It’s all about Elvis, again, isn’t it?
For the non-Elvis folks, next week is commonly referred to as “Elvis Week” and leads up to the anniversary of his death Aug. 16, 1977.
We Elvis folk at the Daily Journal offer you some fun during local “Elvis Week” with a mystery serial starting Sunday.
Its writing was an adventure in itself, with nine staffers each taking a spin with a chapter, then turning the tale over to the next one to craft the succeeding episode.
Part of the fun of writing this tale – “A ‘Hunka, Hunka’ Trouble” – is not knowing what you’re going to get. Each of us developed characters, events and twists and turns, so that at least twice per chapter we felt some surprise about it – the surprise when we received the preceding chapter and our own surprise at how we left off for the next writer.
It’s not Faulkner or Agatha Christie, but it’s entertaining.
We hope you’ll like it, just as so many Daily Journal readers have taken to our Christmas serials written for children’s consumption.
Speaking of Elvis, August marks the one-year anniversary of Elvis’ boyhood Assembly of God Church at The Birthplace.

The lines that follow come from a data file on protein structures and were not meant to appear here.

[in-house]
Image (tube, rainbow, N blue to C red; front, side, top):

The building was moved a few blocks from its original site in East Tupelo and was painstakingly restored to the state as believed when Elvis got some of his first musical influences there.
Inside the clapboard building, you’ll see an excellent three-screened depiction of a typical worship service attended by Vernon, Gladys and Elvis Presley when he was about 8.
While I suggest that the young future King of Rock ‘n’ Roll should have had blond hair, instead of the dark hair of the film’s child actor, it’s still a sweet program for every Elvis fan.
If you haven’t been through the museum lately, too, the revamp is well done and truly helps explain to the Elvis-educated and uneducated about Tupelo of the 1930s, his family and his influences.
Especially interesting are the photos showing local scenes and people, as well as the Presley family at special events.
While I was over there Wednesday, it was charming to look up and see at least one slender young man very deliberately clad in jeans and jeans-jacket with the trademark Elvis hairdo. Sweet sight to me.
In preparation for “Elvis Week,” I’m going to dust off my copy of my favorite of his movies, “Loving You” with Dolores Hart.
Hart appeared in one other movie with Elvis, and six years later became a Catholic nun. I don’t believe other leading ladies, like Mary Ann Mobley and Ann Margret, had similar reactions to their pop stardom.
The music in this film is really classic early-Elvis, and the movie mirrors his own early career.
It also is the only movie his parents appeared in – part of the audience in the big movie climax. Story goes that after his mother died, Elvis never watched the movie again.
Well, I’m going to.
Contact Patsy R. Brumfield at (662) 678-1596 or firstname.lastname@example.org.
Patsy R. Brumfield/NEMS Daily Journal